South Asia summit uncertain as India, others pull out in snub to Pakistan
- Consumer staples stocks help Wall St. pare some losses
- BAT Reaches Deal to Acquire Reynolds American (RAI) for $49 Billion
- Verizon Communications (VZ) May Acquire Big Cable Company - NYP (CHTR) (CMCSA)
- Citron Research Negative on Lannett (LCI); Sees Shares at 'Zero' Over Long Term
- Einhorn's Greenlight Mentions Caterpillar (CAT) Short in Q4 Letter; Doesn't See Disney (DIS) Buying Netflix (NFLX)
News and research before you hear about it on CNBC and others. Claim your 2-week free trial to StreetInsider Premium here.
KATHMANDU (Reuters) - A summit of South Asian leaders set for Islamabad in November may be called off as several countries have decided not to attend amid rising tension between arch-rivals India and Pakistan, officials said on Wednesday.
Afghanistan, Bangladesh, Bhutan and India have expressed their "inability" to attend the summit of the South Asian Association for Regional Cooperation (SAARC), a senior foreign ministry official in Nepal said.
India's foreign ministry on Tuesday announced its decision to skip the meeting, saying "increasing cross-border terrorist attacks in the region and growing interference in the internal affairs of member states by one country" had created an environment that was not conducive.
India has blamed Pakistan for a deadly assault this month on an army base in the disputed Himalayan state of Kashmir that has heightened fears of a new conflict between the nuclear-armed neighbors.
Pakistan, which denies the accusations, called India's move to pull out of the SAARC summit "unfortunate".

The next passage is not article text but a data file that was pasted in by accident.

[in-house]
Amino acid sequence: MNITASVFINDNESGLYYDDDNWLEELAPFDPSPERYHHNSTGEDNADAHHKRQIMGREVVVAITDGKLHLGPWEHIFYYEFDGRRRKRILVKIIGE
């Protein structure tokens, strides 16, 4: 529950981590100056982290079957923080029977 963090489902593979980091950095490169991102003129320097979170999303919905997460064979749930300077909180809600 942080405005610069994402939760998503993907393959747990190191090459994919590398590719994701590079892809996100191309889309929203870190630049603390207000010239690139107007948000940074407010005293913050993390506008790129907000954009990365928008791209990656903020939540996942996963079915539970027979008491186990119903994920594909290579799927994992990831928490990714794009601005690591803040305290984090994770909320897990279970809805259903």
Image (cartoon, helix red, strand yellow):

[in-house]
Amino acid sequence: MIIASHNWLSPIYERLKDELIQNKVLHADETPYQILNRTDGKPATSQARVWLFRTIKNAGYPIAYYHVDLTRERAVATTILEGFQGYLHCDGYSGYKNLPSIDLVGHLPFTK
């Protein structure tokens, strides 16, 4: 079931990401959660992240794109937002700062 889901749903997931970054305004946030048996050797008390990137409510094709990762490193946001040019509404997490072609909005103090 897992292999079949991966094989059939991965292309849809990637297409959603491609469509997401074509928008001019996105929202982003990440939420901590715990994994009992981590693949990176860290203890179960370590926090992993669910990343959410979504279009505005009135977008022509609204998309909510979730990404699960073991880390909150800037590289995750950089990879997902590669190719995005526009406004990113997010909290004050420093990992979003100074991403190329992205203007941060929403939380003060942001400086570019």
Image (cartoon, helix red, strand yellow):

A spokesman for Afghan President Ashraf Ghani said Afghanistan, which frequently accuses Pakistan of harboring and supporting Taliban insurgents, would not take part in the summit as long as security threats in the region remain unresolved.
A Bangladeshi foreign ministry official said Dhaka had told Nepal it would not attend because of Pakistani interference in its internal affairs.
The two countries have been in a diplomatic spat over executions by Bangladesh of people convicted of crimes during its 1971 war of independence from Pakistan.
Junior foreign affairs minister Mohammad Shahriar Alam said Dhaka had told Pakistan, which is chairing the meeting, of its "inability to attend the summit due to our engagements".
Rishi Adhikari, the foreign affairs adviser to Nepal's prime minister, said the Himalayan nation's government would discuss the matter with SAARC members so that there was "no long-term effect" on the regional grouping.
(Reporting by Gopal Sharma in Kathmandu; Additional reporting by Serajul Quadir in Dhaka and Hamid Shalizi in Kabul; Writing by Aditya Kalra; Editing by Paritosh Bansal and Clarence Fernandez/Mark Heinrich)
Serious News for Serious Traders! Try StreetInsider.com Premium Free!
You May Also Be Interested In
- Lithuania to build fence along border with Russia's Kaliningrad
- Swiss watchmakers cautiously optimistic for U.S., China in 2017
- U.S.-Cuba detente supporters make last-ditch effort to sway Trump
Create E-mail Alert Related CategoriesReuters
Sign up for StreetInsider Free!
Receive full access to all new and archived articles, unlimited portfolio tracking, e-mail alerts, custom newswires and RSS feeds - and more!